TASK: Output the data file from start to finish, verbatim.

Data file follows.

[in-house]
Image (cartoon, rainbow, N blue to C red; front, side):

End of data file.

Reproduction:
[in-house]
Image (cartoon, rainbow, N blue to C red; front, side):